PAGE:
retire early? As the old saying goes, it’s good work if you can get it. But as a respected Harvard PhD economist notes, too many Americans are get it without saving enough for it.
Late-career Americans faced a major temptation during the pandemic: With office life reduced to telecommuting and the stock market boosting 401(k) accounts, early retirement became one of the most searched terms online.
So why is that plan, in the words of economist Laurence Kotlikoff, “one of the worst money mistakes” you can make?
First, the market has since retreated, erasing many of the pandemic’s gains and waking many from their dreams of early retirement.
But the reasons for Kotlikoff’s skepticism run deeper.
Don’t miss out
Few things reveal one’s money habits like retirement planning. Aggressive, ritual savers who started early are rewarded with reliably growing account balances, burdened by dividend reinvestments and interest compounding.
But the reality is that millions of Americans simply aren’t putting away enough for traditional retirements, let alone the early exits that 50-somethings are thinking about — a move Kotlikoff says they’ll “regret” unless they adjust their expectations or abandon the plan altogether .
“We are, as a group, lousy savers, which makes early retirement unaffordable,” Kotlikoff wrote in a guest column for CNBC. “Financially, it is generally far safer and much smarter to retire later.”
It should be noted that Kotlikoff ends his argument by saying that he plans to “die in the saddle” because he loves what he does. But those tired of corporate climbing or reporting to a manager may have other plans for their golden years.
How many are actually ready for it?
A recent survey by the Federal Reserve revealed that the median savings in Americans’ retirement accounts was $65,000. Older savers between the ages of 55 and 64 had median account values of about $134,000, well below what they would require as life expectancy increases, inflationary pressures remain and rising health care costs take their toll.
Underestimates health costs
A study earlier this year by the Center for Retirement Research at Boston College found a significant link in how potential retirees perceive the effects of market volatility and longevity when calculating their post-work plans.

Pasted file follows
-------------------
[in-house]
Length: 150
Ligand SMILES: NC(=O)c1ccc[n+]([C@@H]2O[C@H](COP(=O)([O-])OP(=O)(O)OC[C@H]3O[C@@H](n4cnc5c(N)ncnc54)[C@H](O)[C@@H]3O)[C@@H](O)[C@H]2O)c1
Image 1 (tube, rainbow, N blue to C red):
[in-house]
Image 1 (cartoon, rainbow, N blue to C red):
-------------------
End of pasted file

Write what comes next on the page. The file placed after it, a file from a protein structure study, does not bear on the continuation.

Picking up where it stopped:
The report found that many people overestimate the effect of market fluctuations and place less emphasis on how long they will live and how much that lifespan will affect their finances. Unexpected health care expenses – never mind long-term care – are significant drains on retirement funds.
The study’s data, author Wenliang Hou concluded, “confirms the importance of longevity and market risk, and underscores the need for lifetime income either through social security or private sector annuities. Finally, long-term care is also a significant risk for retirees, but one they often underestimate.”
Terrible social security
There may be encouraging signs in the federal government’s primary social safety net. Social security payments go up in 2023, and several rule changes will increase recipients who waited to tap into the system.
But Social Security is currently on a timer. Without changes at the federal level, economists project that the main fund supporting Social Security will run low by 2034. Recipients could see less than 80 percent of the benefits they expected.
Economists have long warned against relying too heavily on Social Security, and many of them encourage investors to build retirement plans that assume the program will be gone.
The most important advice from Kolitkoff — as well as others when it comes to retiring or taking Social Security benefits — is to wait, and instead consider growing your savings and investments while you continue to work. The extra time will keep your investments working harder and longer, and delaying Social Security benefits means a bigger monthly payment down the road.
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This article provides information only and should not be construed as advice. It is supplied without warranty of any kind.